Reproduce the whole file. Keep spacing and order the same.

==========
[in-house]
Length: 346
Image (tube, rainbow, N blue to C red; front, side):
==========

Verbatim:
[in-house]
Length: 346
Image (tube, rainbow, N blue to C red; front, side):